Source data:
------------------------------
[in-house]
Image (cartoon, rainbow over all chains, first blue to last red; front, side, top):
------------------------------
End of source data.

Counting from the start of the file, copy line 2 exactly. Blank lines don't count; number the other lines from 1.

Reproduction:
Image (cartoon, rainbow over all chains, first blue to last red; front, side, top):